Doomed Palestinian UN gambit a domestic propaganda ploy, Israeli official says

If the Palestinians force a vote before January 1, knowing they will not get the nine votes needed, then it is clear that they are interested in a defeat in order to avoid a US veto.

By
December 30, 2014 21:45
2 minute read.
A-tur

Palestinians walk near an opening in Israel's controversial barrier in the east Jerusalem neighbourhood of A-tur. (photo credit: REUTERS)

The Palestinian decision to take an uncompromising resolution to the UN Security Council that has no chance of passing indicates that this is more of a propaganda stunt aimed for the domestic audience than an attempt to move the diplomatic process forward, Israeli diplomatic officials said Tuesday.

The officials said that it was clear that the resolution that the Palestinians will introduce to the UN Security Council, and which may come to a vote before the Security Council changes composition on January 1, will be vetoed by the US.

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Efforts over the last few weeks to merge the Palestinians resolution with a more moderate French proposal failed, and the draft introduced this week was tougher even than the draft submitted by the Palestinians on December 17.

One diplomatic official said that what was clear is that the Palestinians do not have the nine votes necessary in the current Security Council for the measure to pass, something which would necessitate a US veto.

The Palestinians would have a much better chance of gaining the nine votes needed if they waited until Thursday, because then the composition of the Security Council will change, and two countries which can be counted on to vote against Israel on any measure – Venezuela and Malaysia – will join the world body.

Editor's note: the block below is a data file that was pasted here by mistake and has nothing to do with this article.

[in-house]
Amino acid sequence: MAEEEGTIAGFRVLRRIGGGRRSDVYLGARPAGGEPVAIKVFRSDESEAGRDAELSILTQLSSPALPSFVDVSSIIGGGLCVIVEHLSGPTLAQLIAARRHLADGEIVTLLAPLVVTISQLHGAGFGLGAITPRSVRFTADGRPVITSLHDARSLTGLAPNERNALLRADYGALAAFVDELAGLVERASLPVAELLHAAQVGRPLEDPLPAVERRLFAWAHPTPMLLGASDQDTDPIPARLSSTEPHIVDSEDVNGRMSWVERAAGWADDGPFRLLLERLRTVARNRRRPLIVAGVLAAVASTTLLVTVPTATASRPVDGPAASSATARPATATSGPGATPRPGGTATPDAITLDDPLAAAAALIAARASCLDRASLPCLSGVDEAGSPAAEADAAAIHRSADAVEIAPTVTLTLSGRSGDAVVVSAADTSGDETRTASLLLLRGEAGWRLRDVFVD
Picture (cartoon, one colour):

If the Palestinians force a vote before January 1, knowing they will not get the nine votes needed, then it is clear that they are interested in a defeat in order to avoid a US veto, one official said. The official said that forcing a US veto – something that would put Washington in an uncomfortable situation internationally – would then complicate the Palestinians' relationship with the US, especially with the incoming Republican dominated Congress.

The failure to muster nine votes in favor of the resolution would mitigate against the need for a US veto and a disruption to US-Palestinian ties. But bringing the resolution to the vote is something Palestinian Authority Presdient Mahmoud Abbas wanted because of his sense that this is something that would play well on the Palestinian street in his competition with Hamas, the official said.



The revised resolution called for a Palestinian state with east Jerusalem as its capital, not a “shared capital;” emphasized that all settlements are illegal, including construction in east Jerusalem; made a clear reference to UN resolution 194 regarding the “right of return” for Palestinian refugees; referenced the International Court of of Justice's 2004 Advisory Opinion against the security fence; and mentioned a “just settlement” for Palestinian prisoners.

The resolution called for a “just, lasting and comprehensive peaceful solution that brings an end to the Israeli occupation since 1967” based on on the June 4, 1967 lines with “mutually agreed, limited, equivalent land swaps” within a year. It then called for a full and phased withdrawal of the Israeli occupying forces, which will end the occupation that began in 1967 over an agreed transition period in a reasonable time-frame, not to exceed the end of 2017.”

Reuters contributed to this report
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